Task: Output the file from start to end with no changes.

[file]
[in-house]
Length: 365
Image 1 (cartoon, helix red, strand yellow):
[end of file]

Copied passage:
[in-house]
Length: 365
Image 1 (cartoon, helix red, strand yellow):